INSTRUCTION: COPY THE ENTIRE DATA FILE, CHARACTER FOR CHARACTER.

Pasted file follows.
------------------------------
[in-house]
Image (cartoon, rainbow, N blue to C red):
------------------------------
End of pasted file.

[in-house]
Image (cartoon, rainbow, N blue to C red):